Home Daily Commentaries New Zealand dollar trades back below 59 US cents

New Zealand dollar trades back below 59 US cents

Daily Currency Update

The New Zealand dollar is slightly stronger this morning when valued against the greenback. The Kiwi dollar was almost up 3% higher on Friday. It was the biggest daily percentage increase in the NZD since June 2010. The NZD ended the week at around US$0.5930, its highest closing level in more than six weeks. The Kiwi dollar was the top-performing currency last week, helped by the tailwind of a stronger CNY (which was 0.9% stronger). The Kiwi outperformed the Aussie dollar on the week, with the Reserve Bank of Australia RBA’s cautious approach to tightening policy (another 25bps rate hike last week) contrasting with a very strong NZ employment report, which solidified expectations for a 75bps Reserve bank of New Zealand hike later this month.

Looking ahead this week in New Zealand and on Tuesday the Reserve Bank of New Zealand (RBNZ) will release quarterly Inflation Expectations. A Survey of about 100 consumers asks respondents where they expect prices to be 24 months in the future. While measuring expectations of future inflation can manifest into real inflation, primarily because workers tend to push for higher wages when they believe prices will rise. On Friday we will see the release of the BusinessNZ Manufacturing Index. A survey of manufacturers asks respondents to rate the relative level of business conditions including employment, production, new orders, prices, supplier deliveries, and inventories. Also on Friday Statistics New Zealand will release the Food Price Index (FPI) which measures the change in the price of food and food services purchased by households.

Key Movers

On Friday US employment figures have shown mixed readings in October, which has increased the weakness of an already vulnerable US dollar as risk appetite returned to the markets. Non-Far private employment increased by 261K in October, beating expectations of 200K, while September’s figures were revised to 315K, up from the previously estimated 264K. Investors’ enthusiasm about the strong employment data has been offset by the higher-than-expected unemployment rate, which rose to 3.7% from 3.5% in September, beating the consensus of a 3,6% reading, and the slowdown on hourly wages, 4,7% in October from 5% in September. US equity markets were higher on Friday, helped by the optimism around China and the pullback in Fed rate expectations. The S&P500 and NASDAQ were both 1.4% higher, while the EuroStoxx 600 was up almost 2%.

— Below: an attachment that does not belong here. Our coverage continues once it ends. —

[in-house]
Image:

The pound has continued appreciating during Friday’s US afternoon trading, buoyed by the broad-based USD weakness, to reach session highs at USD$1.1380. The GBP was by far the weakest currency on the week, down over 2%, reflecting the Bank of England’s dovish messaging at its monetary policy meeting, with Governor Bailey saying the Bank thought the market was overpricing the likely extent of tightening. The GBP/USD pair has shrugged off the previous day’s negative pressure on Friday, to perform a shocking 1.9% daily rally after bouncing from the lower range of the USD$1.1100s to close the week a few pips shy of USD$1.1400.

Expected Ranges

  • NZD/USD: 0.5750 - 0.5950 ▲
  • NZD/EUR: 0.5800 - 0.6000 ▲
  • GBP/NZD: 1.9100 - 1.9300 ▲
  • NZD/AUD: 1.0800 - 1.1000 ▼
  • NZD/CAD: 0.7800 - 0.8000 ▼